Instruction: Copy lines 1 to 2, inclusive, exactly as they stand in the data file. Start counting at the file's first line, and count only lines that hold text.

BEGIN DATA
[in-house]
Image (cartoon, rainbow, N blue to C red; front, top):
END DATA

[in-house]
Image (cartoon, rainbow, N blue to C red; front, top):